Gov’t primarily to blame for rice prices, agri woes
The editorial “Break the rice cartel” (9/16/19) should have been blunt in blaming the current plight of our farmers on this administration and its President, who has not only miserably failed to fulfill his campaign promise to end in three days the stranglehold of rice cartels over the supply of rice, but has exacerbated the sufferings of our farmers with the rice tariffication law.
That law paved the way for imported rice to flood our markets, thus directly causing the farmgate price of palay to fall and consequently condemning our farmers to bankruptcy and penury. There was really no need for the law in the first place.
The President himself declared during his last State of the Nation Address that he knew the identity of these rice hoarders, cartels and their protectors causing an artificial shortage of rice. He even directed the government’s intelligence agencies to unmask these perpetrators of economic sabotage, and for the law enforcement agencies to bring them to justice.
The government had the power to dismantle these cartels, since under the Price Act of the Philippines, it could have initiated summary proceedings to seize rice being hoarded by them, order their sale to the public at an affordable price and impose price ceilings in fulfillment of its obligation to ensure their availability at reasonable prices at all times.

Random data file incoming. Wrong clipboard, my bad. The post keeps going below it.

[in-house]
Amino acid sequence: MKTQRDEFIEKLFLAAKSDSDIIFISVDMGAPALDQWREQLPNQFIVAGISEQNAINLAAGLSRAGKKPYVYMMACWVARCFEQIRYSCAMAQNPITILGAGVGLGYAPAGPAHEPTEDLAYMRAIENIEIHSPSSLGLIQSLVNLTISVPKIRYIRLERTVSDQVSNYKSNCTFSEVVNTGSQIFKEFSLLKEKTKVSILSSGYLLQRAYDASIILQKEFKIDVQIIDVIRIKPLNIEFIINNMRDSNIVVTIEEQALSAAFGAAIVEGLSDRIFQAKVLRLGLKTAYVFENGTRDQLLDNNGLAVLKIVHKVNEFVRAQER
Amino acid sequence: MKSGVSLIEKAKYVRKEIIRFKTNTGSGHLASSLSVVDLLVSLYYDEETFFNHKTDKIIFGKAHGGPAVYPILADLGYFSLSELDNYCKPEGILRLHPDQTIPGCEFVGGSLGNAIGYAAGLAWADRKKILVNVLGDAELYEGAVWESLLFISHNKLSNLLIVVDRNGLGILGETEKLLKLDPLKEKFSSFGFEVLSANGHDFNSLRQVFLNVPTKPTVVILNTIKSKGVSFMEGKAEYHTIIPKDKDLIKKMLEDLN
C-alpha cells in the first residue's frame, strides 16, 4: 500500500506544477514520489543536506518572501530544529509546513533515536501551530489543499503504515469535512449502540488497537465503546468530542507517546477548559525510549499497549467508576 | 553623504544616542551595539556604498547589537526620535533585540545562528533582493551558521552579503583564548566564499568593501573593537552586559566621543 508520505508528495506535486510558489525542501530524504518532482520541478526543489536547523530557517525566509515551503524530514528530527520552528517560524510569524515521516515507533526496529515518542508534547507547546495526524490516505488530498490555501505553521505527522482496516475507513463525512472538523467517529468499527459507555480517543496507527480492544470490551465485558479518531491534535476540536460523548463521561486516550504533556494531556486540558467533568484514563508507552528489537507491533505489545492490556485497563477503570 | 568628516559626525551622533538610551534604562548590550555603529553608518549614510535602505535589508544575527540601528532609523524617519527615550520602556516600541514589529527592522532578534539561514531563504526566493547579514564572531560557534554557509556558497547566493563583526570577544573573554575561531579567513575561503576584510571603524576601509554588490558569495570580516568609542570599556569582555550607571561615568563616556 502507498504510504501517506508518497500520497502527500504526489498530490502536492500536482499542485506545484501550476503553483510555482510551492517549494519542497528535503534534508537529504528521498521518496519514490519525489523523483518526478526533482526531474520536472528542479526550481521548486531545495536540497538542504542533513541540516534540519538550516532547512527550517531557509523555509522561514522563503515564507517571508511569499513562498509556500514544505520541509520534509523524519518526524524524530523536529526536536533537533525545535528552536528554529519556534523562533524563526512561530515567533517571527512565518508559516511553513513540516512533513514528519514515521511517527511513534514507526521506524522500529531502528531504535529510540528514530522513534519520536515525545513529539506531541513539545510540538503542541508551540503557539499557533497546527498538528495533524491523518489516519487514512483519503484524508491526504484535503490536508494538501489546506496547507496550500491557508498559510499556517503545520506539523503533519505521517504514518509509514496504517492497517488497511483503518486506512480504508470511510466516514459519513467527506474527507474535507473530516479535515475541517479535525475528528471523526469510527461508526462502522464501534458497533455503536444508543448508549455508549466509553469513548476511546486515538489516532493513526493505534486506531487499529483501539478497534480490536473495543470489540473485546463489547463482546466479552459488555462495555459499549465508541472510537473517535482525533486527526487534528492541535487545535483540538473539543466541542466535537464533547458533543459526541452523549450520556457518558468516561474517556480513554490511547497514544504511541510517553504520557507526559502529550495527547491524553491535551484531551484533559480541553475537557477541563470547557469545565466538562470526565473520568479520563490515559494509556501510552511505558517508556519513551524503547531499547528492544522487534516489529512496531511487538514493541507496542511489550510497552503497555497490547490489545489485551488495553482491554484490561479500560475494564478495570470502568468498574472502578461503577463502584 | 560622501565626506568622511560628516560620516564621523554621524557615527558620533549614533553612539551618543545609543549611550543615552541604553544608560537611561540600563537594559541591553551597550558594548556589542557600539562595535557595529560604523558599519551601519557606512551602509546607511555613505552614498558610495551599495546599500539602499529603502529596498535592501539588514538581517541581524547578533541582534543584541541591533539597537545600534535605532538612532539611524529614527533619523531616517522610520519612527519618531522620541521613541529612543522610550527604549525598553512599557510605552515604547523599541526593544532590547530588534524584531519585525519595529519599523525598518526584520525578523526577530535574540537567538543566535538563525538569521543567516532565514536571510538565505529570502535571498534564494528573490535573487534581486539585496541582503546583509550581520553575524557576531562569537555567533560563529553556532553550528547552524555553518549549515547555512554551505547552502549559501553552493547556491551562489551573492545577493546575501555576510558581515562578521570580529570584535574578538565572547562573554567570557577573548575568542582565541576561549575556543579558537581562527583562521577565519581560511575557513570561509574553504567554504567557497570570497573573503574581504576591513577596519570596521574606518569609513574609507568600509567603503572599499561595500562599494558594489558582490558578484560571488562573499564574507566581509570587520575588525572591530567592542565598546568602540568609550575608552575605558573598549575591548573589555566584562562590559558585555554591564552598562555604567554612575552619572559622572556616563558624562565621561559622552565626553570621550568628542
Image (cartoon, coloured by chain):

It was a power which the National Food Authority itself could have exercised in order to break the rice cartels, but which the rice tariffication law has just deprived it of, for deceitfully hidden in said law is the repeal of subparagraph vi and vii of Section 6(a) of Presidential Decree No. 4 as amended, which grants to it the power to enter the premises and inspect, among others, rice being hoarded, order their seizure and cause their public sale as needed to stabilize rice prices.
For all its pretensions, said law is really procartel.
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